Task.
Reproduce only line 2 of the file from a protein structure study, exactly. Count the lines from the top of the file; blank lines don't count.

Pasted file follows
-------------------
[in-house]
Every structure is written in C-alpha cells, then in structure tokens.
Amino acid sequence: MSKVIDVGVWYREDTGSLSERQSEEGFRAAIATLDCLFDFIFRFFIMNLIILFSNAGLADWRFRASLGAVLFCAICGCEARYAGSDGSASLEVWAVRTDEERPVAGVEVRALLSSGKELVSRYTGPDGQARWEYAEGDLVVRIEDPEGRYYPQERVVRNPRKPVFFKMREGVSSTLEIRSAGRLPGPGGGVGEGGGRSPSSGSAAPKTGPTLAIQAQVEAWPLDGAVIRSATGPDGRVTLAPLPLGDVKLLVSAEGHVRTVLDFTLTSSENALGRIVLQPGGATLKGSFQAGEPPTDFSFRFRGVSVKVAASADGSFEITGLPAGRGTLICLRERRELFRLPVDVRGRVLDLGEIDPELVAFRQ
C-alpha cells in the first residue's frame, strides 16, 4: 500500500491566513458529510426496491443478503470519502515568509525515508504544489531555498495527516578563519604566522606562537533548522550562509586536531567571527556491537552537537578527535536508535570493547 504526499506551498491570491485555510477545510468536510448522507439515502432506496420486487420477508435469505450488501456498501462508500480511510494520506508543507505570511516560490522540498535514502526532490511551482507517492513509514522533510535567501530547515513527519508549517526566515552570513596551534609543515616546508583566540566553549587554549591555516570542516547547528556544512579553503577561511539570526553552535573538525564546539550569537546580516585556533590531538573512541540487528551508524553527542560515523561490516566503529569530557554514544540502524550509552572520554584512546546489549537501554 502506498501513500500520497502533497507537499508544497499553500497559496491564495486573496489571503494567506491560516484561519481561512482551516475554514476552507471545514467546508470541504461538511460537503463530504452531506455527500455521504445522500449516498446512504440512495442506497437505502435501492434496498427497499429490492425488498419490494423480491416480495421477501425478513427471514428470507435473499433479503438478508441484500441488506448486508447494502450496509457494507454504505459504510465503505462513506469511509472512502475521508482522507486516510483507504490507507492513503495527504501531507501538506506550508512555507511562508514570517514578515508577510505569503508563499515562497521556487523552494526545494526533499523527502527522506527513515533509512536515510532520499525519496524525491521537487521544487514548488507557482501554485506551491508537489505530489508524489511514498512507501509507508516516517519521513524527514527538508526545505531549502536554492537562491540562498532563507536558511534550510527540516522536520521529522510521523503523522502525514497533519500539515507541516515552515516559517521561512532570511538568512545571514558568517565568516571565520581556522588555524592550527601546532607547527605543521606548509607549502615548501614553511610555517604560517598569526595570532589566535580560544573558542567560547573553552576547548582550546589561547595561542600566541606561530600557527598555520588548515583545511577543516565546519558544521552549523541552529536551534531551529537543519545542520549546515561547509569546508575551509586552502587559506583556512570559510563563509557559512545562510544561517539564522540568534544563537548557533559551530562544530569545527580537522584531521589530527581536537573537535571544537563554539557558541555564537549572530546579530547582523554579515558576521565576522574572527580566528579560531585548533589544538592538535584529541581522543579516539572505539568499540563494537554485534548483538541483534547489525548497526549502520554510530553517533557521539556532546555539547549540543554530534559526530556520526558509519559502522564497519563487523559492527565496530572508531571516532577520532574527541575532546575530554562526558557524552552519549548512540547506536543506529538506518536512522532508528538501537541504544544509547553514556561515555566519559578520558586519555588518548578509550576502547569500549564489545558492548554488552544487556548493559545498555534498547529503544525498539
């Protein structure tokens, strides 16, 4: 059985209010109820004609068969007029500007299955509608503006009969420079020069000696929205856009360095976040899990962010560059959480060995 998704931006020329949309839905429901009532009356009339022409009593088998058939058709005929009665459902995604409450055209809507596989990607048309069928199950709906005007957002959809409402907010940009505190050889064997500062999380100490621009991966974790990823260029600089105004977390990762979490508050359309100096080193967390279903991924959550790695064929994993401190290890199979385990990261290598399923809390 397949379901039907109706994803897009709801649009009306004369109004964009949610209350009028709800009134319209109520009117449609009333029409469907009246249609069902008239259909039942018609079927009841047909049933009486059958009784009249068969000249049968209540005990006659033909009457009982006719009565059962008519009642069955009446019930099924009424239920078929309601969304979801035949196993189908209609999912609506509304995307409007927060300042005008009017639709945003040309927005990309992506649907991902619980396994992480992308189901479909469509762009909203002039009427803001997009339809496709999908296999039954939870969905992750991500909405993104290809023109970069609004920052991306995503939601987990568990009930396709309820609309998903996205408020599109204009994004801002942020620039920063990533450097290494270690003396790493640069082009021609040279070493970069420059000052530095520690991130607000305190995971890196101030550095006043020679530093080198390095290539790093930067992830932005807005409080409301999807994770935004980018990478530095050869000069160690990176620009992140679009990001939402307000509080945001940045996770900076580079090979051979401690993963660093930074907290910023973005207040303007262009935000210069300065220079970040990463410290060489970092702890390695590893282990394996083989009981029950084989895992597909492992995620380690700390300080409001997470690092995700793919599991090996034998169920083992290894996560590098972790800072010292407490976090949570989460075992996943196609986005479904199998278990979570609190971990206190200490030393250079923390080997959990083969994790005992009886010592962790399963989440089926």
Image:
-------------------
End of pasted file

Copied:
Every structure is written in C-alpha cells, then in structure tokens.